So if you're just starting out as a recent college grad, you'll definitely want to look into LinkedIn. Ditto if you're looking to switch jobs.

An acquaintance of mine who handles corporate recruiting (i.e. a 'headhunter') told me that she's seeing the best and most interesting positions being offered/found through LinkedIn. As she put it: Nowadays pretty much any position you'd want to get will show up on LinkedIn first. Many of the big companies are doing the bulk of their recruiting and matchmaking through it. A few now exclusively go through LinkedIn for that purpose. If you want to do business with those companies, you'd better be a member.

Same goes for if you're looking to hire talent. Some of the best and brightest hang out their shingle on LinkedIn - and sometimes no place else.

If you do read the book, check out Chapter 19, which offers a roadmap for action that takes approximately two hours a week to do, and six weeks to complete.

Less than $12 from Amazon. Read it.

Note: If you're out of work - or totally broke - go sneak a skim-through in one of B&N's coffee shops. It's only 176 very fast-reading pages.

Just don't blow it and drop $4 on their overpriced coffee if you're trying to save money. Wink

« Last Edit: April 07, 2011, 10:22:12 AM by 40hz » Logged

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« Reply #216 on: April 21, 2011, 09:28:50 PM »

Just finished Book I of the KingKiller trilogy, The Name of the Wind.

If this is any indication of the quality of the next two books, I'll not be getting much sleep anytime soon!



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« Reply #217 on: April 21, 2011, 10:40:22 PM »

Just finished Book I of the KingKiller trilogy, The Name of the Wind.

I'm about two-thirds of the way through it and loving it.  Great read so far.
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« Reply #218 on: April 22, 2011, 12:13:04 AM »

My most recent books have been:

The Strange Case of Dr. Jekyll and Mr. Hyde - Stevenson (reread)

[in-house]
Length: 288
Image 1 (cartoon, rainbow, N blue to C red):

Huckleberry Finn - Twain (reread)
Flowers for Algernon - Keyes
The Stranger - Camus (reread)
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I feel rather out of place in this thread...
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« Reply #219 on: April 22, 2011, 07:29:59 AM »

My most recent books have been:

The Strange Case of Dr. Jekyll and Mr. Hyde - Stevenson (reread)
Huckleberry Finn - Twain (reread)
Flowers for Algernon - Keyes
The Stranger - Camus (reread)
and
Toddler 411



I feel rather out of place in this thread...

You shouldn't.

A few years ago I sat down and started to reread (or sometime just read) all those books they gave us in High School that I didn't really care about. (I was so much more "into technology" at the time.)

And guess what?

I discovered they were all very good books. OK, maybe I wasn't too crazy about Wuthering Heights, but that was the sole exception.

Since books can't change (unless you're living in Ocenia under Ingsoc) the only thing that could have was me.

So I guess I just needed to mature enough - and broaden my interests enough - to be open to what these books were about.

Glad I took the time to do it. Because some of these authors (Dickens, Twain, and Melville in particular) are far too good to pass up.

 Thmbsup

« Last Edit: April 22, 2011, 07:32:47 AM by 40hz » Logged

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« Reply #220 on: April 22, 2011, 09:28:02 AM »

My most recent books have been:

The Strange Case of Dr. Jekyll and Mr. Hyde - Stevenson (reread)
Huckleberry Finn - Twain (reread)
Flowers for Algernon - Keyes
The Stranger - Camus (reread)
and
Toddler 411



I feel rather out of place in this thread...

You shouldn't.

A few years ago I sat down and started to reread (or sometime just read) all those books they gave us in High School that I didn't really care about. (I was so much more "into technology" at the time.)